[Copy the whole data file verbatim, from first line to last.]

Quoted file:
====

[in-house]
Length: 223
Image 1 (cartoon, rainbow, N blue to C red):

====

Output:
[in-house]
Length: 223
Image 1 (cartoon, rainbow, N blue to C red):